A few months into LeBron James’s rookie season, the Orlando Magic fired head coach Doc Rivers amid the team’s sluggish 1–10 start. As Rivers packed up his office in Florida, he called over a 26-year-old point guard fresh into his first starting gig in the NBA. “When you finish playing give me a call. I want to put you on the bench,” Rivers told him. “You’re gonna be a hell of a basketball coach.” Tyronn Lue burst into laughter. “Get out of here,” Rivers remembers Lue responding. “I have no interest in doing that. That’s the last thing on my mind.”
Thirteen years later, LeBron James has led the Cavaliers to their second straight NBA Finals and the only thing on Lue’s mind is finding a way to beat the Golden State Warriors after a midseason promotion from lead assistant to head coach.
En route to a 57–win season (41-27 under Lue) and a 12–2 postseason, Lue unlocked Cleveland’s offense, instituting ample space for James’s bulldozes and Kyrie Irving’s darts to the rim. He encouraged Kevin Love’s dynamic touches at the elbows and on the blocks. Perhaps Lue’s greatest achievement has been his ability to hold the Cavaliers’ Big Three as accountable as their 15th man. Lue has struck a balance between big brother and stern leader.
“Everybody’s known T. Lue around the league and he’s always had that effect on people,” Cavaliers guard J.R. Smith says.
Lue ended up calling Rivers after his 11-year playing career came to a close in 2009. When Lue was a player, Rivers noted his impeccable attention to detail and a yearning to be a part of the coaches’ scouting reports—preparation most players didn’t concern themselves with. Rivers had no idea where to put Lue on his Boston Celtics staff, but he convinced team president Danny Ainge to take a chance on the veteran point guard most commonly known for being on the wrong side of Allen Iverson’s legendary step-over.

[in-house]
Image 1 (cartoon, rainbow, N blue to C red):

What began as somewhat of an internship blossomed into an apprenticeship. Lue sat right behind Rivers during games, a row back from the Celtics’ bench. As television cameras panned to the sidelines during dead ball stoppages, Rivers would constantly be captured leaning backward and whispering to Lue. “I like his brain,” Rivers says. “Every time I drew up an ATO [after timeout] or anything, he would write it down. If it was something in practice we were experimenting, he loved coming in and wanted to know why. What did you see? Why did you run that? What do you think about doing this and this and that?”
By 2013, when Rivers left the Celtics to accept the Clippers’ coaching job, his confidence in Lue had ballooned. Rivers named Lue his de facto defensive coordinator in L.A., contingent on Lue’s completion of an unorthodox summer vetting process. He required Lue, who’d enjoyed coaching the Celtics’ summer league teams, to spend the entire 2013 off-season sequestered in Los Angeles, dissecting hours of film summarized by detailed scouting reports on all 29 of the Clippers’ opponents.
“What I wanted him to understand was the workload,” Rivers says. “As hard as players think coaches work, when they get on the other side, they’re always surprised at the workload, the time and the fact that it never goes away and it’s never off your mind. He accepted it, he did it and he knew, from that point on, ‘This is what I want to do.’”
Lue passed Rivers’s test with flying colors. His work in the film room ultimately resulted in Rivers amending his defensive philosophy to be more congruent with the Clippers’ roster than that of the Celtics. “We had more athletic bigs with Blake [Griffin] and D.J. [DeAndre Jordan]. We could switch more things, our bigs could show and get back,” Rivers says. “Ty saw those things in film, brought ‘em up, we talked about ‘em and implemented a lot of them. He was great.”